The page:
EurekaMag.com logo
+ Site Statistics
References:
53,214,146
Abstracts:
29,074,682
+ Search Articles
+ Subscribe to Site Feeds
EurekaMag Most Shared ContentMost Shared
EurekaMag PDF Full Text ContentPDF Full Text
+ PDF Full Text
Request PDF Full TextRequest PDF Full Text
+ Follow Us
Follow on FacebookFollow on Facebook
Follow on TwitterFollow on Twitter
Follow on Google+Follow on Google+
Follow on LinkedInFollow on LinkedIn

+ Translate

Karyotype analysis of bearded iris






Bot Gaz 117(4): 265-293

Karyotype analysis of bearded iris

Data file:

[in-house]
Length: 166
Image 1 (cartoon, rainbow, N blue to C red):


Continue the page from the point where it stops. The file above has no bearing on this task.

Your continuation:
A karyotype analysis of 40 spp., geographical races, and miscellaneous species hybrids of Iris belonging to the subgenera Eupogoniris and Pogoniris. A comparative karyotype analysis of the two dwarf diploid spp., I attica (2n = 16) and I pseudopumila (2n = 16), and the tetraploid I pumila (2n = 32), indicates that the latter is an amphidiploid of the 2 former spp. The karyotypes of the 24-chromosome dwarf species I mellita, I reichenbachii, I bosniaca. and I balkana are similar except for minor differences. Two pairs of metacentric "marker" chromosomes are found in all these spp. In the 48-chromosome dwarf species, I aphylla, and in an unidentified dwarf from the Chalcidice peninsula of northern Greece, 4 pairs of these median-constricted marker chromosomes are present, and in addition, other chromosomes are similar to those of the diploid dwarf spp. These relationships are interpreted as evidence of an autotetraploid origin of I. aphylla and of the Chalcidice dwarf. The tetraploid form of I. balkana includes some chromosomes like those of I. mellita and others like those of the diploid I balkana, suggesting an allotetraploid origin of this form. In 24-chromosome tall bearded spp., 3 different kinds of karyotypes were noted I. pallida of the Heinig collection and the diploid I. kashmiriana have 2 pairs of median-constricted marker chromosomes; other forms of I pallida, as well as I. illyrica, I. cengialti, and I. imbricata, have only 1 pair of these metacentric chromosomes. Iris variegata, I reginae, and I. perrieri have no median-constricted chromosomes. The 48-chromosome tall bearded species, I. kashmiriana, I. mesopotamica, I. cypriana, I. trojana, and I. croatica, are characterized by having 4 pairs of median-constricted chromosomes, twice the number of those present in I. pallida Heinig and the diploid I. kashmiriana. This is intepreted as evidence that these tetraploids originated from diploids of the I. pallida Heinig and I. kashimiriana type. A detailed analysis of chromosomes of both the diploid and the tetraploid I. kashmiriana indicates a possible autotetraploid origin of the tetraploid form. The occurrence of these 2 forms in the same region supports this conclusion. The 40-chromosome dwarf species, I. chamaeiris, I olbiensis, I italica, and I. benacensis, have in their somatic complement 16 chromosomes morphologically very similar to those of I. pseudopumila, and the remaining 24 chromosomes resemble those of I pallida. An amphidiploid origin of these 40-chromosome spp. from a cross between 16-chromosome dwarf spp., like I. pseudopumila, and 24-chromosome tall spp., such as I. pallida, followed by doubling, is indicated by the karyotype analysis. Similarly, a hybrid origin of 44-chromosome intermediate bearded forms from 48-chromosome tall and 40-chromosome dwarf spp. is indicated from the studies of chromosome morphology. Two distinct karyotypes were noted in the 22-chromo-some spp. belonging to the Regelia section: I arenaria and I flavissima have 2 pairs of median-constricted chromosomes, whereas I korolkowii has only 1 pair. The two 44-chromosome Regelia sp., I stolonifera and I hoogiana,have slightly different karyotypes. The 20-chromosome Oncocyclus species. I gatesii, I susiana, I lortettii, and I soforana, have exclusively chromosomes with subterminal centromeres. In various miscellaneous hybrids characteristic chromosomes of the respective parents were identified. Chromosomal heteromorphism and karyotype variation within geographical races of the same species are of frequent occurrence. The phylogenetic significance of differences in chromosome length, changes in centromere position, number of satellites, and secondary constrictions is discussed. It is suggested that chromosomal repatterning, possibly as a result of segmental interchange, inversion, or duplication, accompanied by both auto- and allotetraploidy, has played an important role in the origin of bearded iris species.